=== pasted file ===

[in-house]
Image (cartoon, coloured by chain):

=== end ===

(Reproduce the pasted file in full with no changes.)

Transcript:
[in-house]
Image (cartoon, coloured by chain):